American Anti-Statist Tradition
WITHIN A YEAR OF FRANKLIN D. ROOSEVELT'S FIRST INAUGURATION AS president of the United States, a vociferous and apparently powerful conservative opposition had launched a vigorous assault on the new administration's programs. Though all kinds of charges were made against the New Deal from the right, one basic theme pervaded the rhetoric of conservatives during the 1930s and gave coherence to their indictment. The expansion of federal power under the auspices of the Roosevelt administration, they repeated endlessly, was undermining individual freedom and enterprise in the United States. Americans had enjoyed greater freedom and greater prosperity than any other people because in the United States men had been given the greatest possibile opportunity to work out their lives with a minimum of restraint and coercion. Freedom could be misused, and occasionally government, preferably at the state or local level, was required to step in and correct abuses. But the dead hand of government could never be a substitute for the hard work and individual initiative of free men. Prosperity would only return to the United States and freedom would only be preserved if the New Dealers would abandon their bureaucratic, socialistic, spendthrift schemes, which were shackling the energies and undermining the confidence of liberty-loving Americans.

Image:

It was not only Liberty Leaguers and business rhetoricians who based their critique of the New Deal on this anti-statist, individualistic credo. Even Republican politicians who were regarded as "moderate" or "lib-